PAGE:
Re: RARA-AVIS: RE: Hardboiled AND Noir

Date: 15 Dec 2003


Re your refences below:

> In her book The Noir Thriller, Lee Horsley makes a
> good case for hardboiled
> being a subset of noir.
> More info:

Interesting, but it makes the common mistake of most academic studies (one might argue ALL academic studies) of literature, which is the presuppostion that nothing is so simple that it can't be made more complicated.

Some things really are simple. "Hard-boiled" and
"noir" are two of them.

To focus on one fallacious argument made in one of the pieces, Horsely draws a distinction between HB detectives who maintain an air of moral superiority
(i.e. Marlowe), and those who are, in some way, implicated in the corruption (i.e. Spade and the Op), character he calls "compromise detectives."
"Compromise detective," he says, are transitional figures in the evolution to "noir."

Among the many rocks against which this distinction sinks is the fact that, as was pointed out several weeks ago, Marlowe also has to make moral compromises to achieve any success (for all that he tries his best to compromise as little as possible), and the fact that detective characters whom no one could ever label hard-boiled, like Conan Doyle's Sherlock Holmes in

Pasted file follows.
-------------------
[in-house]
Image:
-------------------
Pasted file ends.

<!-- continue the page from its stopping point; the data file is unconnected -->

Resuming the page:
"The Adventure of Charles Augustus Milverton" and "The Blue Carbuncle," Christie's Hercule Poirot in MURDER ON THE ORIENT EXPRESS, and Van Dine's Philo Vance in at least one of those unreadable "(six-letter word) MURDER CASE books, all make the same kind of moral compromises WITHOUT being transitional figures.

"Noir's" atmosphere. That's all it is. All that other stuff, the pessimism, the nihilism, the fatalism, and the defeatism, might be important movements within crime fiction but they're not the sum total of "noir." There's too many other things that ARE "noir," but aren't that, for that to be what defines noir. But what it all has in common is a dark and sinister atmosphere, so it follows that the atmospheric elements are also the defining elements.


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